If the strain relief is used in conjunction with an appliance type connector, such as that illustrated in the drawing, the outer dimensions of the strain relief are preferably so proportioned that the strain relief may be fitted within the lowermost coils 9 of the protective spring 8 which prevents excessive bending of the conductor cord 6. When in that position the strain relief will abuttingly engage 'the adjacent upper coils of that spring and will mechanically connect the conductor cord 6 to the body portion of the connector plug with a resilient connection. Thus. none of the stresses which may be induced in the cord 6 during use of the connector will be trans-- nectors to accomplish the desired mechanical in-- terconnection of the cord and the connector. A particularly suitable arrangement is illustrated in Figure 10, the strain relief in this device abuttingly engaging a suitable annular recess I9 formed in the body portion 20 of the plug cap.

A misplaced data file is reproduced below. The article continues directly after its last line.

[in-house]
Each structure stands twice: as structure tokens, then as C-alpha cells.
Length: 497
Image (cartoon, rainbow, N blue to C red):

From the foregoing, it will be seen that I have provided an improved strain relief of novel design which may be readily applied to various types of existing connector structures without any material modification thereof. My improved strain relief is very simple in design, and it is easy and inexpensive to manufacture. My improved strain relief is particularly easy to install, for the reason that the two elements thereof need not be slipped over the end of the conductor with which the device is used, but may be applied laterally to the cord at any desired point, either before or after the cord conductors have been connected to the terminals with which they are used. The ability of being laterally applicable to the cord is of the greatest importance in minimizing assembling costs, and in making possible many of the most desirable features of the invention.